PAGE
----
UV Inactivation of SARS-CoV-2 across the UVC Spectrum: KrCl* Excimer, Mercury-Vapor, and Light-Emitting-Diode (LED) Sources

Ben Ma, Patricia M. Gundy, Charles P. Gerba, Mark D. Sobsey, Karl G. Linden

Research output: Contribution to journalArticlepeer-review

1 Scopus citations

Abstract

Effective disinfection technology to combat severe acute respiratory syndrome coronavirus 2 (SARS-CoV-2) can help reduce viral transmission during the ongoing COVID-19 global pandemic and in the future. UV devices emitting UVC irradiation (200 to 280 nm) have proven to be effective for virus disinfection, but limited information is available for SARS-CoV-2 due to the safety requirements of testing, which is limited to biosafety level 3 (BSL3) laboratories. In this study, inactivation of SARS-CoV-2 in thin-film buffered aqueous solution (pH 7.4) was determined across UVC irradiation wavelengths of 222 to 282 nm from krypton chloride (KrCl*) excimers, a low-pressure mercury-vapor lamp, and two UVC light-emitting diodes. Our results show that all tested UVC devices can effectively inactivate SARS-CoV-2, among which the KrCl* excimer had the best disinfection performance (i.e., highest inactivation rate). The inactivation rate constants of SARS-CoV-2 across wavelengths are similar to those for murine hepatitis virus (MHV) from our previous investigation, suggesting that MHV can serve as a reliable surrogate of SARS-CoV-2 with a lower BSL requirement (BSL2) during UV disinfection tests. This study provides fundamental information on UVC's action on SARS-CoV-2 and guidance for achieving reliable disinfection performance with UVC devices. IMPORTANCE UV light is an effective tool to help stem the spread of respiratory viruses and protect public health in commercial, public, transportation, and health care settings. For effective use of UV, there is a need to determine the efficiency of different UV wavelengths in killing pathogens, specifically SARS-CoV-2, to support efforts to control the ongoing COVID-19 global pandemic and future coronavirus-caused respiratory virus pandemics. We found that SARS-CoV-2 can be inactivated effectively using a broad range of UVC wavelengths, and 222 nm provided the best disinfection performance. Interestingly, 222-nm irradiation has been found to be safe for human exposure up to thresholds that are beyond those effective for inactivating viruses. Therefore, applying UV light from KrCl* excimers in public spaces can effectively help reduce viral aerosol or surface-based transmissions.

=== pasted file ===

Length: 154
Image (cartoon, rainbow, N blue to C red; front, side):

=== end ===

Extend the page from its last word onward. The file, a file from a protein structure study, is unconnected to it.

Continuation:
Original languageEnglish (US)
Pages (from-to)e0153221
JournalApplied and environmental microbiology
Volume87
Issue number22
DOIs
StatePublished - Oct 28 2021
Externally publishedYes

Keywords

  • bacteriophage Phi6
  • COVID-19
  • far UVC
  • human coronavirus 229E
  • MHV
  • murine hepatitis virus
  • surrogate
  • UV disinfection

ASJC Scopus subject areas

  • Biotechnology
  • Food Science
  • Ecology
  • Applied Microbiology and Biotechnology

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